Maharashtra recorded the third highest number of rape cases (4,189) after Madhya Pradesh (4,882) and Uttar Pradesh (4,816).
The recently released NCRB data does not augment good news for women and children. There was an increase of 12.4 per cent in reported cases of rape from 34,651 cases in 2015 to 38,947 in 2016. Maharashtra recorded the third highest number of rape cases (4,189) after Madhya Pradesh (4,882) and Uttar Pradesh (4,816). Delhi reported 33 per cent increase (13,803 cases out of total 41,761 cases) followed by Mumbai at 12.3 per cent (5,128 cases) among the 19 cities with a population of above two million.
Additionally, there were 7,956 cases of kidnapping in Maharashtra, behind only Delhi. Maharashtra is also second only to Delhi in cases registered under the Protection of Children from Sexual Offences Act, with 4,815 incidents last year.
The statistics are alarming and lead to a conclusion that the stringent provisions have failed to act as a deterrent as they were meant to or alternatively, the police have failed in their duty of protecting women and children. But perhaps there is a need to examine this data from another perspective. The Mumbai Police comment that increase in reporting is not a blemish but a positive sign means cops no longer shun the survivors of sexual crimes when they come to report.
The provision of mandatory reporting has also helped since medical professionals, social workers and NGOs are now mandated to report sexual crimes against children. But even more pertinent is the fact that of late, the police have invited legal NGOs like ‘Majlis’ to conduct focussed skill training. Over the years, Majlis has trained over 6,000 police including women PIs, Crime PIs, senior officers and also constables through carefully crafted trainings. Here there is a conscious shift from the earlier “gender sensitisation” programmes where the impact could not easily be measured to focussed training as per the manadate of a statute.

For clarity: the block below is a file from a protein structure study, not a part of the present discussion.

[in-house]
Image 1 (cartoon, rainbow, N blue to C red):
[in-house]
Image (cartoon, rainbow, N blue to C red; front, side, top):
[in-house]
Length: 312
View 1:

Based on our experience, we also helped to draft a manual — the standard operating procedures (SOP) and trainings conducted as per this officially approved SOP. Since we were providing socio-legal support to survivors of sexual crimes, we had the opportunity to closely monitor the trained officials and bring aberrations to the notice of the higher officers, which has led to around 30 departmental enquiries.
Recently, the Mumbai police commissioner announced that a team of eight persons, comprising women inspectors and constables will be set up in every police stations and invited Majlis to conduct the trainings which have just been concluded. While crime reporting has improved, our hope is that with this training, conviction rate will also increase. Only then the stringent provision will act as a deterrent.
(The author is a women’s rights lawyer and heads Majlis, a women rights’ organisation)